6 Incredible Photos of Whales
Everyone loves whales, but you’re going to love them even more when you see these incredible photos. Taken under extraordinary circumstances, these photos go beyond whale watching and take you up close and personal with the most magnificent creatures in the world.
This 40-ton whale jumped out of the water and crashed onto the sailboat of a couple sailing off the coast of Cape Town, South Africa. Moments before the animal leapt it had pounded its tail on the surface of the water in a 'lob-tailing' ritual to communicate with other whales. The whale was estimated to be as long as 11 to 14 metres, but neither the whale nor the couple were injured. The boat, however, wasn’t so lucky.
This incredible photo, taken in the Auckland Islands, New Zealand, shows a 50-ton right whale getting up close and personal with a wildlife photographer and his assistant. Right whales are critically endangered, and many of them in this particular region had never seen humans before. They were curious, not aggressive—a fact that the photographer was grateful for when he found himself sandwiched between two 45-foot whales.
Antarctic killer whales, as seen from the sky. Killer whales inhabit all oceans of the world, from the Arctic to Antarctica, making them the second most widely distributed mammal. With numbers estimated at 70000 to 180000, the Antarctic population is by far the largest.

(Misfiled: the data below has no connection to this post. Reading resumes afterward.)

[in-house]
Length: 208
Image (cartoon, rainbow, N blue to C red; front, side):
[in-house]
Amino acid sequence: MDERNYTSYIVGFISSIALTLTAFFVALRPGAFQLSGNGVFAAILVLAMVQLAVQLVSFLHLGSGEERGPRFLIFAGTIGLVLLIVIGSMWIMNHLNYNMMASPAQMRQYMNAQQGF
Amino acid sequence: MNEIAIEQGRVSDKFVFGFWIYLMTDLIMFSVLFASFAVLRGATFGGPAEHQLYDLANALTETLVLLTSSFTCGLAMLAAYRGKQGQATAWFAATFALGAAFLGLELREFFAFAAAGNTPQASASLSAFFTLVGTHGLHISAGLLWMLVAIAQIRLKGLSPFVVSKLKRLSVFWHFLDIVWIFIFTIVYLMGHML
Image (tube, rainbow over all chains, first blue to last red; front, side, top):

Russia’s White Sea is a haven for belugas. A natural bay under the ice provides protection from the strong currents of the wider ocean, making it the ideal place for a thriving whale sanctuary. This “natural farm” acts as both a nursery for breeding whales and a rehabilitation centre for former performing animals before they’re set into the wild. As this photo shows, the whales are exceptionally curious and often swim to the surface to greet divers.
Most people associate these photos with the story of a whale saying “thank you” after being untangled from fishing nets, but they were actually taken by professional photographers during an expedition in the South Pacific. The photographer, Marco Queral, was very cautious when he approached the whales, saying they must be in the right mood to let him get so close. Humpback whales are gentle and timid by nature, but a misplaced flick of the tail has the potential to be deadly.
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